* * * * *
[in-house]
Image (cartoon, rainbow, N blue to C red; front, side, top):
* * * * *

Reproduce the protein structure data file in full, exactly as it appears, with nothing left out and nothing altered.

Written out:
[in-house]
Image (cartoon, rainbow, N blue to C red; front, side, top):